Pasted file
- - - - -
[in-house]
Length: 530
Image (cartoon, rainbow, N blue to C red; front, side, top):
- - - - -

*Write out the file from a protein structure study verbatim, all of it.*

[in-house]
Length: 530
Image (cartoon, rainbow, N blue to C red; front, side, top):